Book Review: Ben-Hur by Lew Wallace
Judah of the house of Hur is a handsome and wealthy seventeen-year old Judean, saddened by the death of his father, but still possessed of a wise mother and sweet sister. He’s initially pleased when his Roman friend Messala returns to Jerusalem from several years being educated in Rome. But Messala has learned the wrong lessons, sarcasm and arrogance, and blasphemes Judah’s deeply held religious and cultural beliefs. The two young men quarrel.
Judah resolves to become a soldier, but this ambition is detoured when he accidentally drops a roof tile on the new Roman governor of Judea, Valerius Gratus. Gratus, with the connivance of Messala, chooses to interpret this as an assassination attempt, seizes the Hur property, imprisons Judah’s relatives, and sentences Judah to the slave galleys for the rest of what is assumed to be a very short life, without an actual trial or legal conviction.
Three years later, The rowing and a certain amount of cleverness has turned young Judah into a physical marvel, and he catches the eye of a wealthy and prominent Roman admiral. When he subsequently saves the admiral’s life (and it’s established he was never legally enslaved in the first place), that worthy adopts him as a son to learn Roman combat skills.
Some time later, Judah returns to the East, equipped for vengeance on those who wronged him, they who will learn to fear the man called “Ben-Hur.” But maybe Judah isn’t actually the important character here. Maybe he’s just a side story in “a tale of the Christ.”
This 1880 novel was a huge seller for former Union general Lew Wallace, who was governor of the New Mexico Territory at the time, and later became ambassador to the Ottoman Empire (which allowed him to actually visit the area he’d written about.) Indeed, it became the best-selling novel of the Nineteenth Century, and one of the most influential Christian fiction titles of all time. You may remember the 1959 movie with Charlton Heston.
So, how does it hold up? To be honest, it’s aged badly. The story moves at a crawl for most of the book, with pages upon pages of excessive description. In fairness, when this was written, the reading public didn’t have years of movies and television shows to give them instant mental pictures of the exotic localities and clothing of ancient Judea, so Mr. Wallace needed to go into details of setting and costume.
Judah Ben-Hur doesn’t even show up for the first eighty pages, as we are treated to a retelling of the Nativity which focuses on the viewpoint of Balthasar, the Egyptian wise man who eventually befriends Judah. The first chapter is actually a very good example of scene-setting, placing us in a desert in the middle of nowhere, with a white camel that has neither bridle or reins, ridden by a man who gives it no direction at all. When the camel stops, the man prepares a tent with places for two others. Two white camels, similarly not guided by human hand, approach from different directions to this rendezvous in the trackless desert. Their riders dismount, and the three men greet each other with a prayer in their three native tongues–and all of them understand each other perfectly!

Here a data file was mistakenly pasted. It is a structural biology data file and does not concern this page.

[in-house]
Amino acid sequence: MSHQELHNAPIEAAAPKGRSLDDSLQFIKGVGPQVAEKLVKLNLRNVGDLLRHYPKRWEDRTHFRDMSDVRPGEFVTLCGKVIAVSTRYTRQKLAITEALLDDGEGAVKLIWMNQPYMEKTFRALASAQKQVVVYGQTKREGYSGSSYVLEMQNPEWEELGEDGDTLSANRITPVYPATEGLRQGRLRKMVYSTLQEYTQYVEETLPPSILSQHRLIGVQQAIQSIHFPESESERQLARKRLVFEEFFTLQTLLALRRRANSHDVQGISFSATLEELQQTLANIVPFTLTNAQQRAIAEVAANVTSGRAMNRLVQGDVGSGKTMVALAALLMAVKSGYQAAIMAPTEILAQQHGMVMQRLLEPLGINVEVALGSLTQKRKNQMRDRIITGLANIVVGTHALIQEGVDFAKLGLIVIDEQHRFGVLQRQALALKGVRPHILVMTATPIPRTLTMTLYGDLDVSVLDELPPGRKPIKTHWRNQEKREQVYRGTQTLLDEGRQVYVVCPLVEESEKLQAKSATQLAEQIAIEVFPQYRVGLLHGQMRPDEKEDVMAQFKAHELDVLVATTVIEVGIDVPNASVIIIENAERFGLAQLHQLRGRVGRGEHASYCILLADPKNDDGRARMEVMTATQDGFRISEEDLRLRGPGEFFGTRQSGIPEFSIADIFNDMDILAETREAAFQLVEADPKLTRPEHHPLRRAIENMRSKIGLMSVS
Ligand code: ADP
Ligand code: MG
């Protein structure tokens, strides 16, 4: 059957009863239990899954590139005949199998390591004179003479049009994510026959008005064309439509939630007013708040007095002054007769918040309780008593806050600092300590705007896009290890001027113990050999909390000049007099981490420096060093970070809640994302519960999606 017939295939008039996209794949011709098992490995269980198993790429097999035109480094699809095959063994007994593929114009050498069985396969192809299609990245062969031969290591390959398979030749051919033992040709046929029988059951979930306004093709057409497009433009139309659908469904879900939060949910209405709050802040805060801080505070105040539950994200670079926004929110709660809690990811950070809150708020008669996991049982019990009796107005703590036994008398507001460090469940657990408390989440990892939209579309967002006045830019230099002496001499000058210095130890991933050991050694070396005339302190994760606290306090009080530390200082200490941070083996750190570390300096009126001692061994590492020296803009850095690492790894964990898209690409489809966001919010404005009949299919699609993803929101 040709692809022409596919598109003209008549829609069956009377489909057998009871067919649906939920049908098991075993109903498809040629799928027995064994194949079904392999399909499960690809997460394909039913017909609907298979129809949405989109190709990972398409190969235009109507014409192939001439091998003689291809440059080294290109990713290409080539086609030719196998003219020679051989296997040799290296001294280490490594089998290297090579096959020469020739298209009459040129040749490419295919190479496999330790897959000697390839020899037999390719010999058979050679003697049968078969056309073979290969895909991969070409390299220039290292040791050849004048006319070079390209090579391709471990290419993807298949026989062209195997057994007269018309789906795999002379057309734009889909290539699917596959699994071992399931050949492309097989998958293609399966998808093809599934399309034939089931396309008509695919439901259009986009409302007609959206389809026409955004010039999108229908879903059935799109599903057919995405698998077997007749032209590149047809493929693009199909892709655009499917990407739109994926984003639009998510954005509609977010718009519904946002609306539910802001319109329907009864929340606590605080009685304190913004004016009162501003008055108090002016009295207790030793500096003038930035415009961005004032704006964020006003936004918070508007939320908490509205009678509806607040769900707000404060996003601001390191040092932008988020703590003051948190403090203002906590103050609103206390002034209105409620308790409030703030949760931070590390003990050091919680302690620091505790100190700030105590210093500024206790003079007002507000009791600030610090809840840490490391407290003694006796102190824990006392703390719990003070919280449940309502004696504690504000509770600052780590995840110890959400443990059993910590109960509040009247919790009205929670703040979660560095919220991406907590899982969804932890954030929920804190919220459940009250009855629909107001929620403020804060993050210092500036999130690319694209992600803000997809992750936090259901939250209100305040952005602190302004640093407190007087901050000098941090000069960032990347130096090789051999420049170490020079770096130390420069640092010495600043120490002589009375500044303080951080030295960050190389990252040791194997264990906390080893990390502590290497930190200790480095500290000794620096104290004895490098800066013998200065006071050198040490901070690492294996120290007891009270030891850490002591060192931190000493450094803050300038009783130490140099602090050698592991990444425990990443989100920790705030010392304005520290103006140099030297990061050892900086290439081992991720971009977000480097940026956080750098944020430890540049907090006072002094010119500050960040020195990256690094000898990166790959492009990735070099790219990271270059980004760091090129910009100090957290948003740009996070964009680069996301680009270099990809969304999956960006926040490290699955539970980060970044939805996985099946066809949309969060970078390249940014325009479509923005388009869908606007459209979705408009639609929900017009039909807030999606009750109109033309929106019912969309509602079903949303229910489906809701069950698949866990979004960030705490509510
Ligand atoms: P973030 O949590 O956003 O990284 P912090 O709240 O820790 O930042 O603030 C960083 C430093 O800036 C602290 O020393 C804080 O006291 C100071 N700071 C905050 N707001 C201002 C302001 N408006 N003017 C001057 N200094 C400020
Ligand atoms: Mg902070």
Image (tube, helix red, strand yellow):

The second chapter reveals one of the difficulties for the modern reader, as the characters do not so much talk to each other as declaim at each other, making the dialogue a chore to get through. On the other hand, this is about as much characterization as we get for the Three Wise Men in any adaptation, so that’s nice to have.
The section where we meet Mary, mother of Jesus, is also interesting. Mr. Wallace takes a vague description of King David as artistic license to portray Mary as beautiful by Nineteenth Century America standards–blonde, blue-eyed, fair-skinned with delicate features. He goes into great detail about her face, her clothing, her movements and speech…and never once mentions in the narration or in dialogue that she’s nine months pregnant at the time. There’s just suddenly a baby a couple of chapters later that she claims to be the mother of.
I should point out that despite the archaic nature of the writing, there is a good story going on here that was lifted out for the movies. If the reader is patient, there is much to enjoy.
One plotline that didn’t make the 1959 movie is the existence of Ben-Hur’s other love interest, Iras. She’s the daughter of Balthasar (he presumably married late in life; there’s no mention of her mother), beautiful, musically gifted, learned in poetry and capable of acting on her own initiative. She makes a good contrast to Daddy’s girl Esther, who is more modest and self-effacing, and Iras takes an early lead in the romantic triangle.
However, Iras’ motivation is largely based on the notion that the Jewish Messiah will be an earthly king that Judah will serve, and become powerful thereby. The notion of a spiritual savior, so dear to her father Balthasar, doesn’t appeal. So when Jesus turns out to be more the latter than the former, Iras falls back to her other interests.
This is pretty much Bible fanfiction, so those who don’t like “God-talk” or having a Christian viewpoint forced on them are likely to dislike this book. Some readers might see homoeroticism in certain passages, as Judah is so handsome that even other men notice, and Messala outright uses classical allusion to hint he’s attracted.
All that said, this is an important and influential book; if you’re willing to put up with its difficulties. On the other hand, you could just watch the movies for the chariot race.